If an employee is paid a fixed salary each workweek for hours that vary up and down from week to week, the employer may use an overtime calculation method authorized in 29 C.F.R. 778.114. This method is called the "fixed salary for fluctuating workweeks" form of computing overtime. It is easily the most favorable method for employers of computing overtime, but certain requirements have to be met. Many employers favor it because it results in a diminishing regular rate, and thus diminishing overtime pay, the more overtime hours there are in a workweek. For the same reason, many employees do not like this method. Moreover, the regular rate varies under this method from week to week, so some employers and employees do not like the unpredictability of this way of computing overtime pay. A final drawback of this method of pay is that DOL takes the position that it is incompatible with various forms of incentive pay, i.e., bonuses, shift premiums, and other types of incentives based on production or performance. Thus, it is restricted to those who are paid solely by means of a fixed salary (a commission on top of a fixed salary is not a problem, but it must be figured into the regular rate of pay before the overtime pay calculation is done).
For an employer to qualify for using this method, the employee must have a work schedule with fluctuating hours, i.e., not be on a fixed schedule, and must be paid a fixed salary that is meant to be straight-time compensation for all hours worked in a workweek, whether the employee works less than or more than 40 hours per week. In addition, the fixed salary must be paid "pursuant to an understanding with his employer that he will receive such fixed amount as straight time pay for whatever hours he is called upon to work in a workweek, whether few or many." The "understanding" does not require a formal agreement or explanation beyond simple notice that the fixed salary will serve as straight-time compensation for all hours worked (see Samson v. Apollo Resources, Inc., 242 F.3d 629, 637 (5th Cir. 2001)). With almost no exceptions, no reduction in the salary may be made for short workweeks. Although the full fixed salary must be paid during short workweeks resulting from a lack of work or authorized absences due to personal business or illness, an employer may make "occasional disciplinary deductions for willful absence or tardiness" if the employee, without authorization, fails to work the available schedule. However, such deductions may not affect either the minimum wage or the regular rate calculation for overtime pay purposes, i.e., the full salary is still divided by the actual hours worked that week to calculate the regular rate of pay. See the DOL Field Operations Handbook § 32b04b(b); see also 29 C.F.R. § 778.304(a)(5), (b); 29 C.F.R. § 778.307; and Samson v. Apollo Resources, Inc., 242 F.3d at 639. Application of available paid leave to time missed during a short workweek is allowed, as noted in several DOL opinion letters, including FLSA2006-15 issued on May 12, 2006. Finally, the salary must be large enough to ensure that the regular rate will never drop below minimum wage. In using this method, the regular rate is determined by dividing the fixed salary by the number of hours actually worked that week (which does not include paid leave or paid holidays). Now, here's where the importance of this overtime method comes in: since the fixed salary is already deemed to compensate the employee at straight time for all hours worked, any overtime hours only need to be paid at "half-time", instead of time and a half. Remember, the employee has already been paid straight time by virtue of the salary, and the straight time is only paid once, so the overtime hours will be paid at half the regular rate, thus bringing the employee's pay up to time and a half for such hours. In workweeks in which the overtime is high, the regular rate will be low, and the employer will enjoy a lower per-hour overtime cost. The drawback is that if work is slow, and the employee is only working 25 or 30 hours per week, the fixed salary must still be paid. Useful examples of how to apply this method are found in 29 C.F.R. 778.114. You can also use the calculator below to see how the overtime pay is calculated using this method and how the regular rate of pay varies according to the number of overtime hours worked in a particular workweek (note: you must have JavaScript enabled in your browser to use the calculator below; this utility is not intended to be a substitute for the advice or assistance of a payroll professional, nor is it an official pay calculator - it is here only to help illustrate the principles behind the overtime pay calculation when the fixed salary for fluctuating workweeks method applies):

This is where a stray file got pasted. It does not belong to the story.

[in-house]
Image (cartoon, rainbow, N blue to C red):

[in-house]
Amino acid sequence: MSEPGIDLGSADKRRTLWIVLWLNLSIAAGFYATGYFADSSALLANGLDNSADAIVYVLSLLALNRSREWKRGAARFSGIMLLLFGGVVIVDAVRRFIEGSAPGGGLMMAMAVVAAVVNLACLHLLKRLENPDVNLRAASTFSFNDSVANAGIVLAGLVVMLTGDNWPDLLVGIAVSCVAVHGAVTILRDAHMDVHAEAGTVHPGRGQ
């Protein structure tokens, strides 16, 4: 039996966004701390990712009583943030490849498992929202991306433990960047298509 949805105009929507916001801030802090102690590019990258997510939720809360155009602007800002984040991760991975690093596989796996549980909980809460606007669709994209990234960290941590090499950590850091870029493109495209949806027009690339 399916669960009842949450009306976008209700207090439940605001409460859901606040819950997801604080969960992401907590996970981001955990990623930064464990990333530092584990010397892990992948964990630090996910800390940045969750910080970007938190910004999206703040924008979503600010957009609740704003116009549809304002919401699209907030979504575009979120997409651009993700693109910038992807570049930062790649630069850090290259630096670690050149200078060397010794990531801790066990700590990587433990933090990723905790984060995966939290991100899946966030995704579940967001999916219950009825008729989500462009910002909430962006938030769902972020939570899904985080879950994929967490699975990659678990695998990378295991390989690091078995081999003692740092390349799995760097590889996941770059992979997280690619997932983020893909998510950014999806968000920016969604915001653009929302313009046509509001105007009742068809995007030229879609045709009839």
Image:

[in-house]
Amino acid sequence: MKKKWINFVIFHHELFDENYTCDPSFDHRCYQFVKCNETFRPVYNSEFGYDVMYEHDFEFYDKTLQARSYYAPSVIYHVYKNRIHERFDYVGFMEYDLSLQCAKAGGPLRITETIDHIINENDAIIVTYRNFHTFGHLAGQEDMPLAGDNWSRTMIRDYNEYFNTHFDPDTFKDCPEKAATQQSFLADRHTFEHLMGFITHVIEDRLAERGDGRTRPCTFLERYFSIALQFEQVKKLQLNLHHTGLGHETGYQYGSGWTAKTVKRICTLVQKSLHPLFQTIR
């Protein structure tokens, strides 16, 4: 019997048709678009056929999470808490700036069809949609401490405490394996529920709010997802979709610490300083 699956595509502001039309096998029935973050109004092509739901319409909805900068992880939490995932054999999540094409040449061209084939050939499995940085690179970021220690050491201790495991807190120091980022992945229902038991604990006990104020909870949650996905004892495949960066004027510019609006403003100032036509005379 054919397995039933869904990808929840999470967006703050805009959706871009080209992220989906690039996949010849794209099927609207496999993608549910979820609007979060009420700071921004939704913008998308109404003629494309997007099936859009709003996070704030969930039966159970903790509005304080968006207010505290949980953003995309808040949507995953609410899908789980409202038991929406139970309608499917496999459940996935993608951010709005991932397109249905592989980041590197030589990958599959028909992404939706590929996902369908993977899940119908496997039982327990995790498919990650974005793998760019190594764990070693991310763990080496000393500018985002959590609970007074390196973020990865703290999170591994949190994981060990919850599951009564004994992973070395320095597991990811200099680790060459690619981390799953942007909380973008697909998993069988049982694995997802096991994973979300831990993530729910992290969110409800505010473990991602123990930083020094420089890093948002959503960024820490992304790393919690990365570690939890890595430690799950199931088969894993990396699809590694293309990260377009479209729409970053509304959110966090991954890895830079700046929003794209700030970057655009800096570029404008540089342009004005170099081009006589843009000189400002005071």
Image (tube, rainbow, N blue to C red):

(When entering figures into the blanks provided in the first set of fields (the salary and hours for a workweek), enter only numbers - no dollar signs or commas are needed. For fractions of hours, convert fractions to decimals first, then enter the decimal numbers, rounding to the nearest tenth or hundredth of an hour, depending upon how exact you would like the calculation to be.)